Beware! The Autobook is getting somewhat obsolete, I'm afraid: the text has not been updated (apart from minor corrections) since 2001-09. Autobook talks likely about autoconf version 2.13, automake version 1.4 and libtool version 1.3.5 (see Appendix A.2: Downloading GNU Autotools). As of january 2005, released are autoconf 2.59a, automake 1.9.4 and libtool 1.5.6. Therefore, regard the texinfo documentation shipped with these tools as the authoritive source of information.
See the unofficial Autobook webpage at http://mdcc.cx/autobook/ for pointers to other sources of information on the GNU Autotools.
Joost van Baal
Magic Happens Here
Do you remember the 1980s? Veteran users of free software on Unix could testify that though there were a lot of programs distributed as source code back then (over USENET), there was not a lot of consistency in how to compile and install it. The more complicated a package was, the more likely it was to have its own unique build procedure that had to be learned first. And there were no widely used approaches to portability problems. Each software author handled them in a different way, if they did at all.
Fast forward to the present. A de facto standard is in widespread use for solving those problems, and it's not just free software packages that are using it; some proprietary programs from the largest computer companies are built using this software. It even does Windows.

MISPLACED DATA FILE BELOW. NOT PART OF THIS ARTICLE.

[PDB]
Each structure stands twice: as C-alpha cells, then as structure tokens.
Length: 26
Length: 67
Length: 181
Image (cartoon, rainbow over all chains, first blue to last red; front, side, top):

As it evolved in the 1990s it demonstrated the power of some good ideas: sharing expertise, automating repetitive work, and having consistency where it is helpful without sacrificing flexibility where it is helpful.
What is "it"? The GNU Autotools, a group of utilities developed in the 1990s for the GNU Project. The authors of this book and I were some of its principal developers, but it turned out to help solve many other peoples' problems as well, and many other people contributed to it. It is one of the many projects that developed by cooperation while making what is now often called GNU/Linux. The community made the GNU Autotools widespread, as people adopted it for their own programs and extended it where they found that was needed. The creation of Libtool is that type of contribution.
Autoconf, Automake, and Libtool were developed separately, to make tackling the problem of software configuration more manageable by partitioning it. But they were designed to be used as a system, and they make more sense when you have documentation for the whole system. This book stands a level above the software packages, giving the expertise of its authors in using this whole system to its fullest. It was written by people who have lived closest to the problems and their solutions in software.
Magic happens under the hood, where experts have tinkered until the GNU Autotools engine can run on everything from jet fuel to whale oil. But there is a different kind of magic, in the cooperation and sharing that built a widely used system over the Internet, for anyone to use and improve. Now, as the authors share their knowledge and experience, you are part of the community, too. Perhaps its spirit will inspire you to make your own contributions.